Madame Laurent came to my office one day last year with bloodshot eyes and a two-day headache. She’s well known in our clinic – kind to all the staff and always smiling even when she’s in pain. Despite a stroke a few years ago, she is mentally sharp, often able to read what I want to say before I can say it – an impressive feat considering that she only learned English late in life after immigrating from Haiti.
That day, her blood pressure measured 190 — a dangerous level when normal is below 140. It was probably causing her headache, I knew, making it even more dangerous. Before sending her to the emergency room, I asked her why she thought it was so high. The answer: While she’s prescribed four different medications for blood pressure, she hadn’t taken any of them for the past two days.
She told me she thought her medications were making her sick, and a friend suggested she should stop taking them. It mystified me: She was a clearly intelligent woman who knew her medications were vital to keeping her blood pressure low and helping prevent another stroke. How could she think stopping her medications would solve her problem without creating others?
My visit with Madame Laurent (not her real name) came back into my mind recently while I was reading Shawn Otto’s new book, “The War on Science: Who’s Waging It, Why It Matters, What We Can Do About It.” Written during the presidential primaries, it has become even more relevant after the election.
Otto, the founder of ScienceDebate.org, an organization committed to including questions about science in presidential debates, has deep knowledge of the current battle lines in what he and others call a “war on science” – a war waged in the political arena but that influences which sources we trust for information about science and our health.
He sees the war being waged on three fronts, each with their own motivations:
- Industry powers that undermine climate change findings and other science to further their economic interests.
- Evangelical Christians who question evolution because it contradicts church teachings.
- And post-modern journalists who believe there is no objective reality, that scientific facts are only perceptions and have no greater claim to objective truth than any other.
According to Otto, few are blameless in this war. He accuses journalists of being too steeped in post-modernism and writing articles that falsely balance the fringe opinion of climate skeptics against the thousands of studies that have led to a strong consensus on climate change. He criticizes scientists in their ivory towers for not reaching out to communicate science to the public. He laments how politicians benefit from fanning the flames of partisan warfare to motivate misinformed constituents. He even takes science itself to task in heralding magic-bullet technological solutions like DDT that not only disappoint such high expectations but occasionally have devastating unintended consequences.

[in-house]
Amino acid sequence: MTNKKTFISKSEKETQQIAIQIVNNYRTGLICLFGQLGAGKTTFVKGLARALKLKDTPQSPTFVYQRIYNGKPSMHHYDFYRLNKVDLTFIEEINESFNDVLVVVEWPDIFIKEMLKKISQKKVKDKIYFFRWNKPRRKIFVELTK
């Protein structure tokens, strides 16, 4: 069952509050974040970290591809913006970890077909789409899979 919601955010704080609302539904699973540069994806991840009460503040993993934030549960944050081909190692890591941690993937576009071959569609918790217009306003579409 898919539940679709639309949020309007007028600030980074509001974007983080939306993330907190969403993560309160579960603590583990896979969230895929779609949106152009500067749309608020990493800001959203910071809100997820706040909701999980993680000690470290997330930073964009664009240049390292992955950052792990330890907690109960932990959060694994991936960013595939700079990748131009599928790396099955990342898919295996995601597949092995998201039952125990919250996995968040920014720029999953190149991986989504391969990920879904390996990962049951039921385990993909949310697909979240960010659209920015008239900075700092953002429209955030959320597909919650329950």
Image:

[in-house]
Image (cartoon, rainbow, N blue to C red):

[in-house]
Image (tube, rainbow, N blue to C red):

The result, he claims, is a weaker democracy that relies on individual voters to effectively weed out opinion from highly complex and technical facts. Yet, with so much information, all of us seek out trusted sources to do that work for us. It is no surprise that these sources help shape our opinions on medical and scientific topics – claims of a vaccine-autism link, evolution, and, as Otto covers most extensively, climate change.
But he is not encouraging blind belief in scientists or other elites. Otto points out that, aside from political dividing lines, we’re also separated by how we digest new information. Do we question our sources and ask for their data so we can evaluate it ourselves and come to our own conclusion? Or do we put our trust in the authority of the source?
I see this daily as a physician. Some patients want me to just tell them what to do, and they’ll do it. Others want to understand the mechanisms and data behind why I think a medication or surgery will help them.
I might never convince some as their family or friends have already diagnosed them, and they just want me to prescribe a treatment. Madame Laurent followed her friend’s advice on what to do about her medications. Often, my work is less about providing detailed and confident answers to every question than about building trust through the process of talking through the uncertainties.